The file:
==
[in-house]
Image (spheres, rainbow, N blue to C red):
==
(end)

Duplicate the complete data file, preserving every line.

[in-house]
Image (spheres, rainbow, N blue to C red):